Winnipeg Cab History / 28: Street Cabs vs Livery Cabs (3)
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Click on the picture to see a larger version.

A bird's-eye view of the city hall stand. The symmetrical arrangement of the three cabs was probably ordained by the photographer and the drivers may have been hired for the photo shoot and paid for their time. In most photos cabs are parked at the north or Market Street end of stand (at left).


Winnipeg Looking East from City Hall. Archives Manitoba, Outsize 133/1 [Steen, James Elder (1846-1909), Illustrated Souvenir of Winnipeg (Winnipeg, Martel's, 1903) p. 11].

Winnipeg Cab History / 28

Street vs Livery Cabs (3)

It was street cabs rather than livery cabs that reaped the benefits of doing business in the red light district. Street cabs offered anonymity to their customers. Conversely, anyone hiring a cab from a livery stable was required by law to supply a name and address.

Since street cabs were tainted in many ways, respectable people preferred to ride in livery cabs. Customers could recognize a street cab by its tell-tale stigma the license number painted in three-inch letters on the glass sides of its carriage lamps or (from 1910 on) the special number plates issued by the city license inspector. Livery cabs were not numbered.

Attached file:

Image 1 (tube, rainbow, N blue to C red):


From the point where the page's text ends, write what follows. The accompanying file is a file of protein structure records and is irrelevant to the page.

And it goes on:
Up to the late 1890s many livery stable owners operated both street and livery cabs, sending street cabs out on calls when their livery cabs were all in use. The stable owners themselves did not like this practice because of the risk of offending customers who would not hesitate to send a numbered cab back to the stable.

Even Dave Storey tried to abandon street cabs for livery cabs in the early 1880s, but through most of the horse cab era the street cab business was simply too profitable for stable owners to ignore.


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